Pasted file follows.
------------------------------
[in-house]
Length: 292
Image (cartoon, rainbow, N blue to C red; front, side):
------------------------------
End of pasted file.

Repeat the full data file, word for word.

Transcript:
[in-house]
Length: 292
Image (cartoon, rainbow, N blue to C red; front, side):